How is it possible that some of our people cannot see what I see, the miracle of the existence of the state of Israel?

Birobidzhan railway station sign is the world’s only one spelling the town’s name in Yiddish letters

She’s seen as a poster child for The Jewish Home’s efforts to reach beyond its Orthodox base.

Girls don’t usually learn Gemara. Everyone knows that.

Mordechai and his men shared a strong mutual loyalty.

“Can I wear tefillin in the bathroom?” That was the question US Private Nuchim Lebensohn wrote to Mike Tress, president of the Agudath Israel Youth Council, in a letter dated November 18, 1942. Lebensohn was not your typical young American GI. Polish by birth, he was forty-three years old and married when he was drafted […]

To what extent is your child displaying defiance?

This therapist kept focusing on how “I could do better,” never on how we could make the marriage work.

Mistrust that has lingered after the fiasco in Ferguson, Missouri, has edged the issue forward.

“The observance of a kosher diet is a key tenet of Judaism, and one which no state has the right to deny,” said Nathan Diament, executive director for public policy of the Orthodox Union.

More Articles from Richard McBee
Jerusalem to Jericho Road: photograph by Chanan Getraide
“Chanan Getraide Photographs”: 2004 exhibition at Hebrew Union College Museum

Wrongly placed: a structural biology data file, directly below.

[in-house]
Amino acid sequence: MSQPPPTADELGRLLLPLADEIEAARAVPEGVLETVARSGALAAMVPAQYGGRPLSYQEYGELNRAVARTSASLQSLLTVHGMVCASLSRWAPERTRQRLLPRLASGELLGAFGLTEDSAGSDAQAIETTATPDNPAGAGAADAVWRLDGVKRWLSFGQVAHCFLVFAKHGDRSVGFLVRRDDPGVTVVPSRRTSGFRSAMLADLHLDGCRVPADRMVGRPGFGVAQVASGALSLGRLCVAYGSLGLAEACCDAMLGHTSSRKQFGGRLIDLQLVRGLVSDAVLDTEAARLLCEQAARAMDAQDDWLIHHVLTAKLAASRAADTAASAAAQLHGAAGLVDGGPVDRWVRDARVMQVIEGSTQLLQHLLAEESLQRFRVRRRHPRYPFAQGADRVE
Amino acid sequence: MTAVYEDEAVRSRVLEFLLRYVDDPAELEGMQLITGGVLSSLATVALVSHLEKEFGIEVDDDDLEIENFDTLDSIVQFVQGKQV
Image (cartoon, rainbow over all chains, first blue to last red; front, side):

“We are living in a Golden Age of Jewish Art, but don’t know it.”

McBee-062014-Outside

He refuses to flinch from our painful history, perhaps finding a kind of solace in the consistency of irrational enmity directed against us.

“Vidduy: The Musical” breaks through the formidable barrier of repetitive confession to allow us to begin to understand what is at the heart of this fundamental religious act.

A fascinating glimpse into the rich complexity of medieval Jewish life and its contemporary relevance had intriguingly emerged.

Silverstein’s work has long concerned itself with the intersection between the personal and Jewish Biblical narrative, significantly explored in this column in “Brighton Beach Bible” (July 27, 2009).

Not surprisingly the guardians of synagogue tradition is male dominated in both Moses Abraham, Cantor and Mohel and Synagogue Lamp Lighters.

Neither helpless victims nor able to escape the killer’s clutches, the leaders had to make impossible choices on a daily basis in a never-ending dance with the devil.

Bradford has opted to fully exploit the diverse possibilities of the physical surface by concentrating on the three-dimensional application of paint (impasto) and other material.

Printed from: http://www.jewishpress.com/sections/arts/unconditional-love/2013/11/22/

Scan this QR code to visit this page online: